Vintage Ercol Furniture
Ercol's vintage designs still keeping up with the times!
High quality craftsmanship is clearly visible at first glance of each Ercol piece and often it has survived over fifty years of use and wear but still looks fabulous!
Vintage Ercol furniture is functional and sturdy whilst remaining stylish. It's curved lines and edges in beech and elm make it easily recognisable and the blonde finish especially complements modern interiors.
The firm was founded by Italian desgner Lucian Ercolani in 1920 and in the early days his designs changed dramatically. However, the Ercol Windsor chair has remained in production since the 1950s when its Windsor range was first introduced as a contemporary interpretation of the original, bentwood and stickback, Windsor theme.
Post wartime Ercol really got going
Due to the huge amount of post-war rebuilding in the 1940s, there was large demand for new furniture, but also a huge shortage of raw materials. The British Government set up the Utility Furniture Scheme and Committee to ensure that the few valuable materials that were available were used sensibly and responsibly. The Committee approved a number of designs for the Utility Furniture Catalogue which would make affordable furniture available to newlyweds and those who had been bombed out in World War II. The furniture featuring in the catalogue would be well designed, sturdy and built to last.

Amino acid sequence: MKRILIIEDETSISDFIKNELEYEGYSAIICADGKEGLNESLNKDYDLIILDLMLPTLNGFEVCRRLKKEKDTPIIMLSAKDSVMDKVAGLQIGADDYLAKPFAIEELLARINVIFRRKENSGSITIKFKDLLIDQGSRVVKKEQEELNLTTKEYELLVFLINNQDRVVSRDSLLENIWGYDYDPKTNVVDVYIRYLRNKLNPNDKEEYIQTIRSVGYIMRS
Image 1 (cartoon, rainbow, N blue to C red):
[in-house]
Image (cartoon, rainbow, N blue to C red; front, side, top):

In 1944, the Board of Trade approached Ercol with a contract to manufacture 100,000 windsor kitchen chairs at low cost. In order to mass produce at the rate that was required, Ercol needed to adapt existing machinery to speed up the production process, and invented a system for steaming timber which was hugely successful.
The Chiltern Hills has been at the centre of British furniture making for generations. Elm and beech were readily available in the forests of Buckinghamshire and provide beautiful grain patterns and patina for this mid century furniture. Interestingly elm had been cast aside by most furniture makers as it was prone to warp and bend, something that Ercolani decided could work to his advantage if correctly kiln dried with circulating steam. Using this steam bending process, Ercol were able to produce 2000 chairs each week.
The 'Britain Can Make It' exhibition held at the Victoria and Albert Museum, London in 1946 was a showcase of post war manufacturing in Britain. Ercol used this exhibition to launch its iconic Windsor collection that has remained so successful that it has never gone out of production but simply evolved with the changing times. The simple aesthetic of the range and it's wonderful ability to sit comfortably with most interior decorations, has no doubt helped it remain buoyant over the years.
We are always pleased to present Vintage Ercol furniture for sale knowing that it will stand the test of time.